So, in both instances, it's a subtle way of the advertiser letting the audience know they too, are "in." And in both instances they are doing exactly what we did at Italian Vogue every minute of every day. I use my experience in Milan as the best example, as both the fashion industry and Italians in general have a very sophisticated understanding and approach to conflicts of interest.

There are many reasons why the Versace ad, that always faced, from the left, the first page of the key editorial, always felt like it belonged there, but I would argue that the main reason it wasn't disruptive was because in that magazine at that time there was overall very little difference between advertising and editorial. The same teams of artists and creatives produced both, often on the same shoot or during the same fashion meeting. It worked because Versace and Vogue were already playing the same game and at the highest level.

I see now, those trying to figure it out asking the questions and making up new terminology like 'native advertising' are repeating history, not making it. Branded entertainment, product placement and all of those other dirty words don't work when the game isn't clear and handled by experts in deceipt and slight of hand, in which fashion and old media in certain ways reign supreme. There is nothing new about these new models, just the players are new and haven't gotten as good at it yet.

That addresses the creative side of the advertising model, the who, what and where, but what about the how much? That too hasn't changed one bit. Algorithm or not, a content organization, or media platform still sells advertising, in whatever form, based on circulation. Call them viewers, or for arguments sake users. Though Facebook claims to have a billion users, what is the definition advertisers should use to include a percentage of these users in actual circulation numbers? Yes, old media publications have had secret sauce formulas to up their numbers, like counting extras for dentists offices and tricks involving all sorts of formulaic inflation of reality. They could get away with it before the obsessive counting and tracking and analytics available today. For instance, I might check Facebook from time to time, but I would hardly call myself part of their audience.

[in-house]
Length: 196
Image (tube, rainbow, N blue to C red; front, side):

How many people actually engage with that platform in the way Robert Scoble does, making lists, groups and spending the time rummaging through all it has to offer like we all used to pour through the pages of Italian Vogue, or Playboy or Rolling Stone for that matter? Thats an audience, and again I stress, old media figured out the upping of the numbers long ago. He is truly a user. Call it native or mobile or whatever you like, but in the end its the same game just being played by people who haven't gotten very sophisticated about it yet. The thing is, Facebook, with or with the "the" is selling advertising against a stream of content, just like old media has done for over a century. This time, the game advertisers are supposed to want to play in is being provided by the general public and guess what? The general public isn't very good at it. They aren't great writers, they have little insight, no curation skills and certainly can't take compelling pictures.

Versace paid for that ad in Vogue because they wanted to be next to a Steven Meisel groundbreaking fashion image. As Tiffany &Co. kept their New York Times placement at the top right hand corner of the first spread, as BuzzFeed creates custom sponsorships and viral campaigns and PandoDaily pulls in sponsors as it continues its intelligent and connective reporting, there is an agreement between the publisher and the advertiser as to what game they are playing. When the game starts to suck, the advertisers stop wanting to play. Facebook provides no definition or guarantee whatsoever to its advertisers on the content itself. Risky business indeed. Something tells me mobile isn't the only thing they need to figure out, as advertisers eventually get less intimidated by their empty numbers and take a more sophisticated approach to all this new media. What Im trying to say is, not much new here, just so much to learn from both sides.